On the request of the Ministry of VWS and with support of the Ministry of Economic Affairs as coordinator of the cross-government ICT-Agenda, Capgemini will start a research into the possible applications of Radio Frequency Identification (RFID) technologies in the Healthcare sector. Capgemini performs the research together with the Academical Medical Center (AMC) in Amsterdam, Geodan, Intel and Oracle. The project will take one year and consists of inventarisation and standardization services and three RFID pilots. Objective of the research project is to show the added value of RFID applications in the Healthcare sector. Radio Frequency Identification (RFID) is a technology which uses radio waves to exchange data from a distance between an RFID reader and a (moving) object. The use of RFID can improve the safety and logistics within the Healthcare sector.
The importance of the research project for the Dutch healthcare sector is large according to the chairman of the steering committee Robert Stegwee: A number of issues in the healthcare sector is currently high on the political agenda like the aging population, reduction in the number of services delivered by healthcare service organizations, strong increase in healthcare costs and the issues surrounding the patient waiting lists. Technological innovations in the healthcare sector like the adoption of RFID might give part of the answer to these issues.
The first two parts of the project consist of inventarisation and standardization activities. Objective is to identify which pre-conditions need to be satisfied to make a broad use of RFID technologies in the healthcare sector possible. This will give more insight into the potential role that the Ministry of VWS can play in a successful and broad adoption of RFID in the healthcare sector. The inventarisation activities will primarily focus on lessons learned and the structure of an RFID project and will try to answer the question What topics should a healthcare organization consider in applying RFID technology?. The standardization activities will give insight into the developments in the area of technical and functional RFID standards. This will give Dutch healthcare organizations advice in the use of standards when applying RFID technologies.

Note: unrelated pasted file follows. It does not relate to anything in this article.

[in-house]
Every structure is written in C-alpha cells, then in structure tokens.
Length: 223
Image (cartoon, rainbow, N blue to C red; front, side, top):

The last part of the project consists of three pilots which need to demonstrate the added value from RFID in the healthcare sector. The first pilot focuses on the identification and localization of patients around the operating room. This pilot must give better insight into the course of the health process around the operating room to enable an efficint logistics flow. One of the potential benefits is also a faster method to identify patient and practician. In combination with the tracking and tracing of operating room materials and blood products (see other pilots below), the registration of used materials, used equipment and blood products administered can run more efficient.
The second pilot focuses on the tracking and tracing of operating room materials like implants and disposables with a high cost price and turnover. Objective is to trace the used materials per patient to enable a more efficient inventory management process. In the long term it will help to realize Activity Based Costing. By applying RFID technology, it will become easier as well to comply with the governmental regulations regarding the tracking and tracing of implants.
The third pilot focuses on the tracking and tracing of blood products with the use of temperature-sensitive RFID-tags. Objective is to comply with new European norms in the area of tracking and tracing and quality of blood bags for transfusion. Another objective is to gain more efficiency by gains from a higher quality and reduction of manual actions like the information calls on the course of the health process.